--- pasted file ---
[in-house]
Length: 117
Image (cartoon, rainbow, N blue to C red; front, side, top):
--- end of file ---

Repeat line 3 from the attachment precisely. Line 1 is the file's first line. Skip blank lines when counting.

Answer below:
Image (cartoon, rainbow, N blue to C red; front, side, top):